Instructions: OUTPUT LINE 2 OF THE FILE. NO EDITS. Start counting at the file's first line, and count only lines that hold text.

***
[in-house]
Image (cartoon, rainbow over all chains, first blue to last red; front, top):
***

Image (cartoon, rainbow over all chains, first blue to last red; front, top):